Community News
June 13, 2018 By Peggy Archer
Diagnosing the legacy of type 2 diabetes

As a school teacher in Manitoba for 40 years, the mother of a son with type 2 diabetes and a grandmother of a grandson with type 1 diabetes, Larry Krotz’s Diagnosing the Legacy: The Discovery, Research and Treatment of Type 2 Diabetes in Indigenous Youth, was of particular interest. The book, which explores the history and long-term effects of diabetes in remote Canadian communities, reminded me of the diagnosis of a grade six student about 20 years ago while I was working in an elementary school with a large Indigenous population in Dauphin, Man. Back then, it was a rare occurrence.

However, now as a substitute teacher in the province, I hear about younger and younger Indigenous students, being diagnosed with type 2 diabetes. The United Nations-sponsored World Health Organization (WHO) has declared type 2 diabetes a rapidly growing epidemic. Diagnosing the Legacy addresses this complex issue through interviews with members of the reserves of Island Lake (St. Theresa Point, Garden Hill, Red Sucker Lake) in Northern Manitoba and Sandy Lake in Northern Ontario. Krotz also interviews local health-care providers, including retired pediatric endocrinologist, Dr. Heather Dean; researcher, Jonathan McGavock; Dr. Ron Mundy; and professor and physician, Dr. Michael Moffatt. Their stories personalize the struggles of those living with the disease and the ways in which communities are working together to address this epidemic.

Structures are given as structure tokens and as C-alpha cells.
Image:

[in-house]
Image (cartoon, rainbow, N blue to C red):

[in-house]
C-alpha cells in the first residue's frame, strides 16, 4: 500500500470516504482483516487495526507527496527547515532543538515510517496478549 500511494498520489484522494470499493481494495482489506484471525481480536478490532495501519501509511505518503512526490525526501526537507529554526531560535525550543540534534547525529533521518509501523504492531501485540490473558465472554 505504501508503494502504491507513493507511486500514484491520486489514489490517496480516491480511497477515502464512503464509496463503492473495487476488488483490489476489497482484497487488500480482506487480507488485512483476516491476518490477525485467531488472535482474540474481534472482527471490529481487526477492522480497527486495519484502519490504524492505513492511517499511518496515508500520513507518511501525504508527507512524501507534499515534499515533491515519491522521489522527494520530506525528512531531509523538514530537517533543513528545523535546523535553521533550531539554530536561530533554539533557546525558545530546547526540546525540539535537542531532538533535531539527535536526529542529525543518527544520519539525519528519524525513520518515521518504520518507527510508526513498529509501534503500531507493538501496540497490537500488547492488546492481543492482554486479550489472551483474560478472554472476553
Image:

One of these stories focuses on Mary Jane Wood, who was the subject of a journal article by the three doctors. Wood was diagnosed with type 2 diabetes at the age of 11. Three of her five children were also diagnosed with the disease. Two of those children were pregnant, which begged the question about whether these children would also be diagnosed with type 2 diabetes. In order to get appropriate care for her kidney dialysis, Wood had to travel the long distances from her remote community to Winnipeg three times a week, and also make trips for infections. She described her life as “turbulent,” admitting that she had not taken care of her health as best she could. She also shared that her grandparents had had diabetes but had taken the advice of their dietitians and made the necessary dietary adjustments because of her grandmother’s kidney failure. Wood’s story and others in the book underscore the generational effects of type 2 diabetes, as well as the barriers to receiving care in our current health system.

What does this mean for the future? Dean, McGavock, Mundy and Moffatt provide some insight into the challenges for Indigenous peoples and all Canadians, as well as progress in the areas of research and treatment. The desire of Indigenous communities to take the lead in looking for solutions to their own health-care needs is being met with support from their health-care partners. Many partnerships have been formed and many other positive steps taken that acknowledge the impact of the historical legacy, and the importance of ceremonies and language of Canada’s Indigenous population. This also includes supporting the recommendations of the Truth and Reconciliation Commission in order to provide a pathway to healing and ensure positive changes continue to be made.

To learn more about the book, listen to an interview with Larry Krotz on Diabetes 360, the Diabetes Canada podcast.

Peggy Archer lives with her family in Dauphin, Man. She has volunteered with Diabetes Canada for more than 10 years, and was awarded a National Volunteer of the Year award in 2017.

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